Art Under the Tuscan Sun
A residency in Italy gives TCU graduate students a new perspective.
In Tuscany, artist Ben Loftis made use of the landscape, digging a nook into the side of a clay hill to house his body for a photographic work. Sarah Hunt created 75 small clay almonds and vessels to hold them, while Sheryl Anaya harvested plant matter to make dyes she used on fabric. Madi Ortega discovered inspiration in the hills she wandered, using chalk to draw a multicolored quilt atop a clay mound that she smoothed to serve as a natural canvas.
The TCU graduate students took part in a residency program in Italy in May 2022, offered to those entering the third year of their master’s in studio art program — the thesis year. Just the second group to experience this residency, the master’s candidates devoted their time to creating work, some of it site-specific, in an unstructured program led by Cameron Schoepp ’87 MFA, professor of art, and Adam Fung, associate professor of art. Both students and professors spent most of their time making art with materials largely found in nature during a 16-day stay in a century-old farmhouse.
Horned Frog Connections
The residency program started taking shape nearly five years ago thanks to Elliott Hill ’86, who serves on the university’s Board of Trustees.
A recently retired Nike executive, Hill worked for the ubiquitous brand in Europe from 1998 to 2002, living in Amsterdam with his wife, Gina Hill, and their two children before returning to the United States to continue his career with the company.
Over the past two decades, the Hills made regular visits to southern Tuscany to see friends. Enchanted with life there, Elliott and Gina Hill — both of Italian descent and bearing Italian citizenship — eventually bought an old farmhouse on a 15th-century estate called La Foce, owned for centuries by the Origo family, with whom the Hills are now very close.
Animals, insects and birds resided in the farmhouse, which had cracked walls, missing windows and no electricity or plumbing — but boasted 360-degree views across the valley. The Hills hired local artisans and craftspeople to renovate the 1920s stone building and dubbed the home Cerreto, named for a nearby oak grove.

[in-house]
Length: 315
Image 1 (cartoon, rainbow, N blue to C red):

Offering Cerreto to TCU’s art program — along with funding to make the residency a reality — was a simple decision for the Hills.
“We collect and try to support artists with whom we have an emotional connection — to their work and to them as individuals. We decided we wanted to share our house with artists while honoring those who came from La Foce,” Elliott Hill said, referring to the Origo family, whose art-minded members have included a sculptor, a ballerina, authors and musicians. “We want to inspire students to continue chasing their dreams and following their passion.”
As coordinator of TCU’s studio art graduate program, Schoepp made an exploratory trip to La Foce in 2018 with Richard Lane, director of TCU’s School of Art. After returning home, Schoepp worked with Fung to set parameters for the residency.
“We decided the grad students about to enter their third year made most sense; they’re at the right place to get an experience that mirrors residencies outside of academia,” Schoepp said. Fung added, “This sets them up for their thesis work by opening up pathways in their thinking.”
Schoepp believes putting the students in new settings imposes necessary fresh perspectives that a familiar home or school studio can’t, and being in a rural landscape lends itself to relaxed inspiration.
“They don’t make art in the house but are outside instead, which makes them think, ‘How do I make work in the wild?’ ” Fung said. “Cam and I both thought the open-air situation with no one around, unlike in the city, would be best.”
Art in Nature
The artists got to work as soon as they arrived at La Foce, overlooking the Val d’Orcia, about halfway between Rome and Florence. Some of the students had never been out of the United States, and one hadn’t flown before.
“It’s the most beautiful, extravagant place I’ve ever visited. And you’re so immersed in nature,” Anaya said. “You walk outside and look at the hills of Tuscany. So many wildflowers. Birds singing. One particular owl would hang outside our window all night.”